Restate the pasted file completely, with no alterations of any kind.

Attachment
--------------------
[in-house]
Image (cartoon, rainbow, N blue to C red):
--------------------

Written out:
[in-house]
Image (cartoon, rainbow, N blue to C red):